As teachers, their motto could hardly be more fitting:  "Learn to bike.  Bike to learn." The thing is, to do either, you need a bike--and to know how to ride it.  So, with the help of small grants and donations, they assembled a fleet for the kids at Pillsbury Elementary School, where Trumper and Tuck teach-- and half of the kids are African-American and more than a quarter are Hispanic and 84 percent receive free or discounted lunches.  And realizing that some of them had never been on a bike, they taught kids how to ride.

Knowing what Trumper's and Tuck's efforts, and the bikes themselves, mean to the kids, it's was especially galling to lose, not just one bike, but all 30 in the fleet, along with pumps, reflective vests and cable locks.  

They were stored in an unmarked trailer on school grounds. Late last Thursday night, someone called the police to report someone trying to break in.  When Trumper drove by the following morning, the trailer and its contents were gone.  

Trumper summed up his, Tuck's and the kids' mood: "We're devastated."  They do, however, hope to ride again. To that end, Pedal Power is accepting donations.

21 November 2020

For $10,000 And A Bike

What would it take to get you to move to Arkansas?

With all due respect to natives of "The Natural State," I have to admit that question has never crossed my mind. I've heard that the state has lots of natural beauty, so I might want to take a bike trip there.  But I haven't ever thought of residing there.

Could I change my mind?  The folks at Northwest Arkansas Council seems to think so.  Or, at least they think they can entice city slickers like me.

To that end, as part of their Life Works Here Initiative, the Council is offering $10,000 and a free bicycle in the hopes of luring new residents to their part of the world. If you don't want the bike, you can take a membership to the Crystal Bridges Museum of American Art or some other cultural institution in the area.

 Because many are working from home--and, for some, that home can be anywhere, they "are re-evaluating their priorities and their lifestyle," says Council president and CEO Nelson Peacock. "They are reconsidering where they are living and what they are prioritizing.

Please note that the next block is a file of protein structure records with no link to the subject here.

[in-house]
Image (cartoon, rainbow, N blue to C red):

Here's another incentive:  the area has 162 miles of paved paths and 322 miles of mountain biking trails. You can choose whether you want a "street" or mountain bike for your premium.

If you're ready to say "goodbye, city life," you can fill out an application on the Initiative's website

20 November 2020

A Ride Of Remembrance

If you can stand it...

I'm going to subject you to some more images of a late-day ride in the city.

As I rode, I reflected on the significance of this day.  For one, it's Transgender Day of Remembrance.  For another, on this date 75 years ago, the Nuremberg Trials began.

You can understand why TDoR is personal for me.  The day was first observed in 1999, one year after transgender woman Rita Hester was murdered in her Allston, Massachusetts apartment.  Her death came just a few weeks after a more-publicized case:  the killing of Matthew Shepard

The Nuremberg Trials are also, in their own way, personal for me.  I am not Jewish (at least, I wasn't raised as one:  a DNA test said that I have a small amount of Jewish heritage), but the Holocuaust is probably the largest mass hate crime event, with the possible exception of the Third Passage, in world history.  

(That same DNA test said I'm 4 percent African.  No surprise there:  That the human race began on that continent is Anthropology 101.)

Anyway, today's ride, like so many others, was a time to reflect.  

19 November 2020

R.I.P. Eddie B.

He has been beatified as "Father of American Cycling."  He's also been villified as the one who brought "Old World methods," if you know what I mean, to this side of the pond.